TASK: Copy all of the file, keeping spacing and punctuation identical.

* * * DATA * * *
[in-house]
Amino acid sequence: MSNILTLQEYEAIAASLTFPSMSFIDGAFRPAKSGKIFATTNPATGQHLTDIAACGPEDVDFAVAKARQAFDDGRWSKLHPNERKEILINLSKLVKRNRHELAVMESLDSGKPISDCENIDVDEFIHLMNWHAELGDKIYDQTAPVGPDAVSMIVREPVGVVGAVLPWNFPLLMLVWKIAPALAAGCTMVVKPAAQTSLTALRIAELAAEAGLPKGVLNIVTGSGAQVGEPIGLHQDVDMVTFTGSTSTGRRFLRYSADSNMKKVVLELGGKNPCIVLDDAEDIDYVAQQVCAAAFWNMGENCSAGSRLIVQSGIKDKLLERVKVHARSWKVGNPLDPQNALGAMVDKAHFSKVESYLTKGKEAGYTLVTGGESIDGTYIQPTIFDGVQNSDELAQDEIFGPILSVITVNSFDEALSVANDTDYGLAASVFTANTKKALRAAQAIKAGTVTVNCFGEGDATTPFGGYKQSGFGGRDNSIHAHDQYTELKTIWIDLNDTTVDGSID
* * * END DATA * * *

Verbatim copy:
[in-house]
Amino acid sequence: MSNILTLQEYEAIAASLTFPSMSFIDGAFRPAKSGKIFATTNPATGQHLTDIAACGPEDVDFAVAKARQAFDDGRWSKLHPNERKEILINLSKLVKRNRHELAVMESLDSGKPISDCENIDVDEFIHLMNWHAELGDKIYDQTAPVGPDAVSMIVREPVGVVGAVLPWNFPLLMLVWKIAPALAAGCTMVVKPAAQTSLTALRIAELAAEAGLPKGVLNIVTGSGAQVGEPIGLHQDVDMVTFTGSTSTGRRFLRYSADSNMKKVVLELGGKNPCIVLDDAEDIDYVAQQVCAAAFWNMGENCSAGSRLIVQSGIKDKLLERVKVHARSWKVGNPLDPQNALGAMVDKAHFSKVESYLTKGKEAGYTLVTGGESIDGTYIQPTIFDGVQNSDELAQDEIFGPILSVITVNSFDEALSVANDTDYGLAASVFTANTKKALRAAQAIKAGTVTVNCFGEGDATTPFGGYKQSGFGGRDNSIHAHDQYTELKTIWIDLNDTTVDGSID